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REPTILE / nutrition

What Do Bearded Dragons Eat? Complete Food & Diet Guide



Being a pet parent to a bearded dragon means knowing exactly what they need nutritionally in their diet so they can stay full, happy and healthy. The type of food you feed your bearded dragon is important, as well as how often you feed them, the reptile supplies you use to feed them and how you store their food. 


There isn’t bearded dragon food on grocery store shelves like there is for dogs and cats, so where should you start? Keep reading to learn more about what bearded dragons eat and how you can be the best pet parent for them. Remember to always consult with your veterinarian before making changes to your pet’s diet. 


Why a Good Diet is Essential: 


Just like other pets, beardies need to have a well-rounded and complete nutritional diet in order to stay healthy. What bearded dragon food goes in their belly has an impact on how they feel, their quality of life, how active they are and even how they look. 


What Do Bearded Dragons Eat? 


Young bearded dragons are omnivorous (approximately 50% insects and 50% plant matter). As they mature, they will eat more vegetables and transition to mostly herbivorous (approximately 90% plant matter).


  • Insects - Feed gut-loaded insects (crickets or dubia roaches) 1x daily. Mealworms, superworms and waxworms should be offered in only small amounts. Young bearded dragons need a diet that’s more insects than vegetables because they need the added protein to grow and develop. 


  • Vegetables -. Veggies should make up 25% of a young bearded dragon’s food and half of an adult’s. Favorites include kale, collard greens, mustard greens, zucchini and shredded carrots. Make sure to remove any vegetables that have not been eaten so they do not go bad inside their habitat. 


  • Fruits - Fruits like melons, berries and citrus may be offered 1 time a week.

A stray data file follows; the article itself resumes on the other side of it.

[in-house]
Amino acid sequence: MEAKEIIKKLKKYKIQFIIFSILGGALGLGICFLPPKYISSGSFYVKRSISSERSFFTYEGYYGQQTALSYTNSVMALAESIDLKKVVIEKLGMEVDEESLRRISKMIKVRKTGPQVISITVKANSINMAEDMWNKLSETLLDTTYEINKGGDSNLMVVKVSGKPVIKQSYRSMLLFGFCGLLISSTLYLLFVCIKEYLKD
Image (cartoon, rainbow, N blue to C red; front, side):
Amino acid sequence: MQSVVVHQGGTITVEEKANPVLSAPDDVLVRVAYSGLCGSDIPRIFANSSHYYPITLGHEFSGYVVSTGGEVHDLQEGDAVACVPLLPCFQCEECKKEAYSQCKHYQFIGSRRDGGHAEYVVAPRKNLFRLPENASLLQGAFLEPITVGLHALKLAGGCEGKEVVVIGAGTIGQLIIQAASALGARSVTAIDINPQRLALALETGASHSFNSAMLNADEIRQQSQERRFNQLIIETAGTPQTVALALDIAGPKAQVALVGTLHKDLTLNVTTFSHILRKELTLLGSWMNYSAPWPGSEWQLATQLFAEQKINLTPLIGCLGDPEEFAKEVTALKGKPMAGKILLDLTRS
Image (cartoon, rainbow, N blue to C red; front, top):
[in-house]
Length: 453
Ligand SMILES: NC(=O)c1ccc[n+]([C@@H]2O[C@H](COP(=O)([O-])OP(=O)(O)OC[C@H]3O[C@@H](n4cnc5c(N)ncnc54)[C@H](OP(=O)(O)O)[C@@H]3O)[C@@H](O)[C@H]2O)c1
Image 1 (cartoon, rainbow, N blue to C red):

• Prepared Diets - Bearded dragon pellet food, moistened with water, may be offered daily. Commercial food adds variety to a beardie’s diet. Many brands are available in high-protein formulas for juvenile lizards and lower-protein versions for adult beardies.


  • Vitamins/Supplements- Dust food with a calcium/Vitamin D3 powder: 4-5x a week (juveniles); 2-3x a week (adults). Dust food with a multivitamin 1x a week (juveniles); 2x a month (adults), or as directed by your veterinarian.


  • Water -  Cleaned daily and provided at all times. Pet parents should empty out their beardie’s water and refresh it at least once a day. 


How Should I Feed My Bearded Dragon? 


Depending on the type of bearded dragon food you’re feeding your pet, there are different ways to feed them. 


Feeding Tongs: Reptile feeding tongs are small, tweezer-like tools that help you grab hold of insects and feed them to your bearded dragon. 


Food Bowl: When feeding your beardie, reptile food bowls can be a great way to give them pellet or commercial food. 


Feeders - There are also reptile feeders that make it easy to give your pet things like mealworms. 


How Often Should They Eat?


Young bearded dragons will eat more often than adults. They need all of that extra energy while they grow. A bearded dragon that’s less than 18 Months old might eat 2-5 times a day, whereas an adult bearded dragon only eats 1 time a day. 


Where Should I Store Their Food? 


Insects - There are a few different types of storage for reptile feeder insects. A cricket feeder is usually the best option if you’re feeding them crickets. For worms and other insects that aren’t hopping around, the container they come in or a plastic storage container usually works best. 


Vegetables and Fruits - Store your beardie’s fresh foods the same way you would store yours – in the fridge. 


Commercial/Pellet Food - Store bearded dragon pellets inside a sealed, airtight container to keep them fresh for your pet. 


Information in this article is not intended to diagnose, treat or cure your pet and is not a substitute for veterinary care provided by a licensed veterinarian. For any medical or health-related advice concerning the care and treatment of your pet, contact your veterinarian.